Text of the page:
Using the authors discussion of the regulatory scheme for compliance of labor and safety issues for suppliers under the Bangladesh Accord I have adapted them for anti-corruption compliance. The intention is to create stable, long term relationships and also to promote a stable core of suppliers who are FCPA or Bribery Act compliant in anti-corruption and anti-bribery. These points can incentive suppliers to not only become more compliant in anti-corruption and anti-bribery programs but also reward them for doing business with other like-minded sub-suppliers and sub-contractors. They include:
- Requiring suppliers to designate all sub-suppliers and sub-contractors that they will use.
- Restrict the subset of sub-suppliers and sub-contractors to those who have been certified, through a recognized Non-governmental organization (NGO) or company, in anti-corruption.
- Prohibit retaliation against supplier employees who report, in good faith, allegations of bribery and corruption.
- Require a supplier to register the number of sub-suppliers and sub-contractors that it intends to use for a company.
For US, and other western companies, I think that there are some lessons which might be drawn from the authors’ piece in connection with their compliance programs around the Supply Chain.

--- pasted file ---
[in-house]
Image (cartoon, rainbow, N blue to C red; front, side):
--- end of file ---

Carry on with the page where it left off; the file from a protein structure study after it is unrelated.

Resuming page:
Know Your Suppliers
When it comes to anti-corruption compliance in the Supply Chain, many companies either fail to embrace this concept or, worse yet, do not understand how this concept is interwoven into an overall compliance program. Indeed, one of the perceived banes of compliance is that a company is responsible for the actions of its suppliers. Nevertheless, if companies understand that suppliers are a critical component of an overall compliance program it becomes much easier to understand how such a model can and should be used as a guidepost for the Supply Chain and compliance.
The Compliance Oversight Committee
The Oversight Committee is a key component of any best practices compliance program. Not only should it be used for reviewing and managing traditional high risk areas such as third party business representatives in the sales chain; a company can create such committees for other high risk issues particular to a company. Witness the Johnson & Johnson (J&J) Deferred Prosecution Agreement (DPA) and its “Enhanced Compliance Obligations”. In this J&J agreed to establish “a “Sensitive Issue Triage Committee” to review and respond to any such [Foreign Corrupt Practices Act] FCPA issues as may arise.” This is precisely the type of rigor which should be included in a best practices compliance program. Compliance Committees can serve to escalate compliance issues before they become violations of the FCPA or UK Bribery Act and are becoming a part of a best practices compliance program. If a company decides to disband such a committee it must clearly perform rigorous audits or place such safeguards in place to send a message to both vendors in the Supply Chain and employees that compliance is still held in the highest regard by the company.